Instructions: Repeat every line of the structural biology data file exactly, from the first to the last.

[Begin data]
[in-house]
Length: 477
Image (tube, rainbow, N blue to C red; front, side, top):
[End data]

[in-house]
Length: 477
Image (tube, rainbow, N blue to C red; front, side, top):